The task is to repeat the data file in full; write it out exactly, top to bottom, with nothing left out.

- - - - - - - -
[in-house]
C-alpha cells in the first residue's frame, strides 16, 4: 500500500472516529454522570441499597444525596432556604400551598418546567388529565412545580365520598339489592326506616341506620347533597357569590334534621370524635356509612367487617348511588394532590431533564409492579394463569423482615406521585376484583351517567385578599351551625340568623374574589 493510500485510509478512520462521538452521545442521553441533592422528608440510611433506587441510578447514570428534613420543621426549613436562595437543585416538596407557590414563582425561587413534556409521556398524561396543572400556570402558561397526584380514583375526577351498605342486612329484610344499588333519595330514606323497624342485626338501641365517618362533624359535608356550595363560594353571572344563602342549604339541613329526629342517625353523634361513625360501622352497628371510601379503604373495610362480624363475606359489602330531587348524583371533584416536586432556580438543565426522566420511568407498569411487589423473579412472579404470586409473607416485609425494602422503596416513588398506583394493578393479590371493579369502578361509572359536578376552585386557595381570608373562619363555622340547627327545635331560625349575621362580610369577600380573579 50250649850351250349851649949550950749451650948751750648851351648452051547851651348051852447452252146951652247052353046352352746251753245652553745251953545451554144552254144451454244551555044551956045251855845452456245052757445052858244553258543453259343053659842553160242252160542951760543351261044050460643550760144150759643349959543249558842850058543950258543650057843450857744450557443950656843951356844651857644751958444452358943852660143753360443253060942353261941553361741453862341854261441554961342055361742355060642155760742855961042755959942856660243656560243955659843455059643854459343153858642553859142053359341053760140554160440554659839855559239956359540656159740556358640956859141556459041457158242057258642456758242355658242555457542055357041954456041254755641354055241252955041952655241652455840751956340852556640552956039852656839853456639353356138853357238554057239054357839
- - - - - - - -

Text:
[in-house]
C-alpha cells in the first residue's frame, strides 16, 4: 500500500472516529454522570441499597444525596432556604400551598418546567388529565412545580365520598339489592326506616341506620347533597357569590334534621370524635356509612367487617348511588394532590431533564409492579394463569423482615406521585376484583351517567385578599351551625340568623374574589 493510500485510509478512520462521538452521545442521553441533592422528608440510611433506587441510578447514570428534613420543621426549613436562595437543585416538596407557590414563582425561587413534556409521556398524561396543572400556570402558561397526584380514583375526577351498605342486612329484610344499588333519595330514606323497624342485626338501641365517618362533624359535608356550595363560594353571572344563602342549604339541613329526629342517625353523634361513625360501622352497628371510601379503604373495610362480624363475606359489602330531587348524583371533584416536586432556580438543565426522566420511568407498569411487589423473579412472579404470586409473607416485609425494602422503596416513588398506583394493578393479590371493579369502578361509572359536578376552585386557595381570608373562619363555622340547627327545635331560625349575621362580610369577600380573579 50250649850351250349851649949550950749451650948751750648851351648452051547851651348051852447452252146951652247052353046352352746251753245652553745251953545451554144552254144451454244551555044551956045251855845452456245052757445052858244553258543453259343053659842553160242252160542951760543351261044050460643550760144150759643349959543249558842850058543950258543650057843450857744450557443950656843951356844651857644751958444452358943852660143753360443253060942353261941553361741453862341854261441554961342055361742355060642155760742855961042755959942856660243656560243955659843455059643854459343153858642553859142053359341053760140554160440554659839855559239956359540656159740556358640956859141556459041457158242057258642456758242355658242555457542055357041954456041254755641354055241252955041952655241652455840751956340852556640552956039852656839853456639353356138853357238554057239054357839